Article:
Hoda Mazloomian is an artist, art therapist and published author with a passion for chess. He has travelled the world and now resides in Shenzhen, China. It is here that he runs a chess improvement club where people of all abilities meet in friendship to help each other enhance their chess skills.
As part of our "Chess Around The World" project, Mindful Chess (MC) spoke with Hoda to learn more about his philosophy and the impact that his Chess Improvement Club has had on his life as an expat in Shenzhen.
MC: Please briefly tell us a bit about yourself and what chess means to you.
I would describe myself as a citizen of the world. I tend to see the world as humanity’s common homeland. Granted, we need time for this understanding to become universal. I have lived in and visited many countries and I think travel broadens your perspective and is quite possibly an antidote to prejudice.
Career-wise, I would describe myself as an artist, art therapist and art teacher. I am also a published writer. My hobbies are photography and, of course, international chess.
MC: You currently run a “Chess Improvement Club” in the city of Shenzhen. Has playing chess had an impact on your experience living in and adapting to life in China?
I am the kind of person who takes initiative. I had a vision of a chess club where improvement rather than current strength and status is emphasised. I intended to create a club where everyone, regardless of age, sex or economic status, is treated with equal respect and dignity. There was no such club in Shenzhen so two years ago, my best friend and I created one. It has been thriving ever since.
I think it has helped bring the expats together in friendship with our hosts, the Chinese players. I have known some of the players for years and even though we may not be able to have long conversations, we enjoy each other's company playing chess and truly regard each other as friends. It is wonderful to see people from the age of six to seventy playing together in harmony.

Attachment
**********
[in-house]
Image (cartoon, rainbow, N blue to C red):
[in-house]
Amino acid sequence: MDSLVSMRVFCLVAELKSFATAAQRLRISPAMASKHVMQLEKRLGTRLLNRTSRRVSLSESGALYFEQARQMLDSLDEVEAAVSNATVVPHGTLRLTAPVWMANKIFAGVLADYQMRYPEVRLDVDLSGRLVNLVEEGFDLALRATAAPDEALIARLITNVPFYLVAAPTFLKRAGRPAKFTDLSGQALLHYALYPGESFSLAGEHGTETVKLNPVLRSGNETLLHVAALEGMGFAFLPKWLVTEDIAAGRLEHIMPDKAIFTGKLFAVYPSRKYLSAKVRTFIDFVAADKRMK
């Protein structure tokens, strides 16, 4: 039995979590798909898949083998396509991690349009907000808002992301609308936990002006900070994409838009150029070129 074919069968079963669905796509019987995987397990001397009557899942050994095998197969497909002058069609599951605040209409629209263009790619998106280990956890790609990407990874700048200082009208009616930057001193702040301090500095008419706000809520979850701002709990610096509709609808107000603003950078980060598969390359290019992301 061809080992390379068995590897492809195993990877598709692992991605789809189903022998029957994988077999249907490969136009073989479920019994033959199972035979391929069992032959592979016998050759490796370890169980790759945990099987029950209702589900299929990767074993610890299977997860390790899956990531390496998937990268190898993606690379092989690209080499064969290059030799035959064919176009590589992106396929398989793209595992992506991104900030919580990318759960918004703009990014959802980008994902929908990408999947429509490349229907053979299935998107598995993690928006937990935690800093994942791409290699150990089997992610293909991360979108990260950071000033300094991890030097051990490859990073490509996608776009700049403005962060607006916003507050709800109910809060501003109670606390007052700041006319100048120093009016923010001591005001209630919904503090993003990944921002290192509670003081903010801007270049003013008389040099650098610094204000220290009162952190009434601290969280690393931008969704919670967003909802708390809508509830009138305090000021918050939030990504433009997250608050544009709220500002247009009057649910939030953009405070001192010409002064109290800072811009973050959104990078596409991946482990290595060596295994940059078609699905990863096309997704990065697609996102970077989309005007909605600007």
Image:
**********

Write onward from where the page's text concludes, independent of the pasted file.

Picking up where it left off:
MC: In addition to being a great chess player, you are a talented artist. Do you see chess and art as mutually exclusive or is there an overlap for you?
Well, you are very kind! I am a mid-level player in the large scheme of things but aspire to be better every day. I have improved my play noticeably in the last few years. I still have a long way to go and a lot to learn. There are many parallels between chess and life. Bobby Fischer famously went so far as to say "Chess is life!".
There is definitely an art and performance aspect to chess that was not lost on the great French artist and master chess player, Marcel Duchamp. He made sculptures and paintings inspired by chess and designed a chess set. Chess combines sculpture, movement and an honest expression drawn from the depths of our personalities which reflect the way we live our individual lives. I cannot think of a higher kind of art.
MC: Do you believe that chess is inherently mindful?
To become a great chess player, you must learn to master your emotions and focus your mind. In this way, improvement in chess is possible if you are becoming more and more mindful. Knowledge can be gained, but without mindfulness, great chess tragedies occur from mindless blunders. And so, chess invites us to be mindful and shows us that there is no other pathway to greatness.
MC: You once told me that chess helped you believe that “anything is possible”. Could you explain what you mean by this?
Recently, a young homeless African immigrant in the USA became the chess champion in his age group. With chess, all you need is a board to get started. Additionally, advances in technology means that more and more people of all strata of society have access to a vast collection of chess knowledge that was once reserved for those who could afford it. In this way, chess has become a great equalizer. Great minds that may have once been trapped in poverty can shine as resplendent as their privileged counterparts.
MC: What advice would you give to our young chess players starting out?
The first advice I would give young children and their parents is to combine learning systematically with playing. Left to the kids, there will be a lot of play with no formal training which would make it difficult for them to improve.
The second advice I have is to become resilient. This is to have the humility to know that there are others as committed or more committed to the game and that you cannot win all your games. It is important to have a learner's attitude, to analyse both your wins and losses and see what kind of mistakes you make and what type of opportunities you are prone to miss. There are a host of computer engines that can be used to see simple mistakes and blunders. However, computers can do six million calculations per second and often their analysis is far beyond most, except a few elite players at the highest levels. And so, it is much better to analyse the games with a coach so that you can see on a human level how improvement is possible.
If you are reading this from China or want to know more about Hoda and his Chess Improvement Club in Shenzhen, you can get in touch with him via WeChat.